Maryland Catholic Homeschoolers
Your Subtitle text

proposed changes Maryland homeschool info

Proposed Legislation - February 2017 - THIS DID NOT PASS

MD HB980 Home School Students Right to Participate In Public School Activities


Links to the HB 980 –


From HSLDA –

The COMAR amendments have been approved - the State did not 'release' the actual changes to homeschoolers, nor did the counties notify their homeschool families. The MSDE homeschooling page was quietly updated.

There are only minor changes, mostly in the outdated wording. There are no surprises and nothing that will affect negatively on your homeschooling.

Most homeschooling families will find the changes beneficial, especially those that use tutorials or have others help them with their teaching. However, note that the parent is still the primary educator responsible for the teaching of their child/student and is responsible for their child/student homeschool reviews.

Here is the direct link to the newly updated MSDE homeschool page

Note - many of the 'proposed changes' links below no longer work, as the Education Department has been working on and updating their websites; but we have left the links here so as not to change any of the prior provided info about those 'proposed changes' announced in 2016.

11-13-2015 Important Announcement

The proposed home school regulation has been published for public comment.  You may want to share these links among the home school community. 
The first link takes you to the webpage, while the second takes you directly to the current issue of the Maryland Register. 
The State Board of Education’s regulations begin on page 1460 of the PDF.  The solicitation for public comment reads as follows:
Comments may be sent to Dr. Richard D. Scott, School Counseling Specialist, Maryland State Department of Education, Division of Student, Family and School Support, 200 West Baltimore Street, Baltimore, Maryland 21201,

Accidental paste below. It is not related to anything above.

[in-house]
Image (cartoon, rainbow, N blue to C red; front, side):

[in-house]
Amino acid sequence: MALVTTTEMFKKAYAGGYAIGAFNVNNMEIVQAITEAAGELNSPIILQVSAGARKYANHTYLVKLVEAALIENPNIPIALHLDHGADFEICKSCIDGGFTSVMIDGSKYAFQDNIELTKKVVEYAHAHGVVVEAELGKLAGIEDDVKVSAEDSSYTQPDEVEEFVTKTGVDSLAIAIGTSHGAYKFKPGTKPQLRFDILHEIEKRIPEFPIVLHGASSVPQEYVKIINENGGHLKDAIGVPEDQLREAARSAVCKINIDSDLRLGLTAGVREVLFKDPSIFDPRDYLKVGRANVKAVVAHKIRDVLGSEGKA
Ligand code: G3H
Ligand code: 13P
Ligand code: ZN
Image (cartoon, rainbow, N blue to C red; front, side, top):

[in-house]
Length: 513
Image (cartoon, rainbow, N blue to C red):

or call 410-767-0288 (TTY 410-333-6442), or email to, or fax to 410-333-8148.

Comments will be accepted through December 14, 2015.  A public hearing has not been scheduled. 
Final action on the proposal will be considered by the Maryland State Board of Education during a public meeting to be held on January 26, 2016, 9:00 a.m., at 200 West Baltimore Street, Baltimore, Maryland 21201.

Richard Scott
Section Chief
Student, Family and School Support
Maryland State Department of Education
200 W. Baltimore Street
Baltimore, MD 21201-2595 
 410-767-0288 office 
 410-333-8148 fax

IMPORTANT ANNOUNCMENT - proposed changes to the Maryland home school COMAR regulations - here's the announcement from HSLDA (Maryland Catholic Homeschoolers is a state-wide approved member group of HSLDA) ---

follow-up announcement dated 10/02/2015 (first announcement is below)

Flawed Regulations Proposed

Dear HSLDA members and friends:

Two important freedoms are in jeopardy because of proposed homeschool regulations made public earlier this week.

Maryland law currently does not require a homeschool student in an umbrella program to obtain their umbrella’s approval before enrolling in a college class. A proposed regulation would take this freedom away.

Maryland law currently does not require a student operating under county supervision to give his college report card to the county reviewer. A proposed regulation would take this freedom away. Submitting a report card should be an option, not a mandate.

HSLDA and several other statewide homeschool organizations are united in asking the Department of Education to change the proposed regulations to repair these two flaws. We are not requesting that families take action right now. We are waiting to hear if the Department will agree to support the changes we are requesting.

Other proposed changes in the regulations are somewhat helpful or inconsequential.


The Maryland statute that governs homeschooling, section 7-301, is crystal clear that parents have complete freedom in deciding where, how, and from whom a homeschooled child receives instruction. The homeschool regulations that implement section 7-301 are perhaps not quite as clear. However, since the statute is a higher authority than the regulations, there has never been any legitimate question that homeschool parents can utilize whatever resources they want to deliver instruction.